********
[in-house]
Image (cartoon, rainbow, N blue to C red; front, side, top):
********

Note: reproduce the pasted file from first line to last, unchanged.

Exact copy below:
[in-house]
Image (cartoon, rainbow, N blue to C red; front, side, top):